You will be relieved to know there’s some very helpful regulations that have been established to help consumers who are shopping for funeral services.
Knowing these consumer-friendly rules will help you better navigate funeral planning, and ensure you don’t get taken advantage of.
At the same time, there are some rules to follow when it comes to a cremation or burial.
Knowing the few rules that do exist will help ensure you don’t design a funeral that will get you into hot water with your state or local government.
In this article, we’ll outline all the rules that protect the consumer, and the rules that regulate cremations and burials.
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In an effort to protect vulnerable consumers, the FTC established some rules that give consumers certain rights when soliciting services from a funeral home.
What Is The Funeral Rule?
The funeral rule was established by the FTC in 1984 to ensure consumers have the right to only purchase the services they deem appropriate. These rules apply whether you are shopping in advance or after a loved one has departed.
The funeral rule only applies to funeral homes. It does not apply to third party vendors such as retailers of caskets, urns, burial insurance providers, or cemeteries without an onsite funeral home.
Here are your rights under the funeral rule:
- Obtain pricing over the phone: When you call a funeral home for prices, they are required to disclose their rates. Furthermore, you do not have to give any personal information such as name, phone number, or address. Basically, if you ask for prices, they must comply, and they must do so with no questions asked.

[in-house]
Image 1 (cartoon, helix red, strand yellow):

- Only purchase the funeral arrangements you want: This rule gives you the right to buy individual services or goods. You are not required to buy items as part of a package. For example, a funeral home can’t require you to buy an all-inclusive package when all you really want is a casket.
- General price list: Every funeral home must show you a general price list (GPL). The price list is something you are entitled to keep. It will outline all the services they offer and the price for each one.
- See a written statement after you decide, and before you buy: After you decide what you want to purchase, the funeral home must provide you with an itemized price list that details all the items you selected, the prices for each item, and the total cost.
- Forgo embalming: No state requires embalming. Therefore, if you choose to, you may opt out of this service. At the same time, some states do require refrigeration or embalming if the body is not buried or cremated within a certain time frame. Some funeral homes may have an embalming requirement for a public viewing of the body (they can’t require this for the burial). You can always ask if refrigeration is an acceptable alternative if they have that rule.
- Use a casket or urn from another vendor: The funeral home must not refuse a casket or urn that you elect to purchase from a third-party vendor. Furthermore, the funeral home cannot require that you are present when the casket or urn is delivered to the funeral home.
- Use of alternative containers for cremation: There are no local or state laws that require a casket for a cremation. Funeral homes that offer cremation must inform you that alternative containers are an option, and they must have them available for purchase
- A written letter explaining any legal crematory or cemetery requirement: Basically, if there is a good or service you are required by law to purchase, they must provide written evidence of this fact.